Several politicians and rights activists filed a petition with the Supreme Court (SC) on Wednesday challenging the “mass deportation” of Afghan refugees and asylum seekers by the caretaker government.

The petitioners include PPP’s Farhatullah Babar, Jamaat-i-Islami Pakistan Senator Mushtaq Ahmed, rights activist Amina Masood Janjua, National Democratic Movement Chairman Mohsin Dawar, lawyer Jibran Nasir, Rohail Kasi, Syed Muaz Shah, Pastor Ghazala Parveen, lawyer Iman Zainab Mazari, Ahmad Shabbar, Advocate Imran Shafiq, Luke Victor and Sijal Shafiq.

The petition has not yet been accepted for hearing.

Earlier this month, the government gave an ultimatum to all undocumented immigrants to leave Pakistan by Oct 31 or else risk imprisonment and deportation to their respective countries.

While the decision had prompted criticism from Afghanistan and several other quarters, the caretakers refused to budge from the deadline, insisting the move was not aimed at any particular ethnic group.

Of the more than four million Afghans living in Pakistan, the government estimates 1.7m are undocumented.

The government has decided to keep foreign nationals residing in the country without identity documents in “holding centres” before deporting them to their respective countries.

The petition filed with the SC today, a copy of which is available with, was moved under Article 184(3) of the Constitution.

It named 15 respondents, including the federation through the caretaker premier, the government’s apex committee through the interior secretary, all four provinces and the Islamabad Capital Territory, the chief commissioner for Afghan refugees, and the National Database and Registration Authority through its chairman.

It said that the government’s decision to expel immigrants was causing a “massive violation of fundamental rights of around 4.4 million persons of Afghan origin who are for the time being in Pakistan”.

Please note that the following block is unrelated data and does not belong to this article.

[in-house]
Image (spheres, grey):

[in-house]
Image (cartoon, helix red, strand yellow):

It said that the decision amounted to reversing Pakistan’s “45-year-old policy of extending hospitality to refugees, asylum seekers and even unregistered immigrants — a strategic decision which falls completely beyond the limited constitutional mandate of the caretaker government”.

“Since this repatriation is not voluntary, nor is the government of Afghanistan facilitating the same, it is possible that many of those being deported will die of cold and hunger — amongst them would be Pakistani citizens and genuine refugees who never stood a chance to prove their legal claims,” the plea said.

It said that the issue of deporting undocumented Afghans had been brought up before elected federal cabinets that had opted for “more nuanced and humane solutions” rather than a mass deportation policy.

The petition said that while the government’s decision was “framed in somewhat neutral language” it was “obviously targeted at the millions of Afghan refugees who are compelled by circumstances to live in Pakistan”.

“It is extremely disturbing that instead of doing its job — preparing for elections — the caretaker government is taking strategic policy decisions whose consequence will be borne by the people of this country,” the plea said.